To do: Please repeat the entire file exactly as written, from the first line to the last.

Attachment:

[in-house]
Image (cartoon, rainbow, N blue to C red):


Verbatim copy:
[in-house]
Image (cartoon, rainbow, N blue to C red):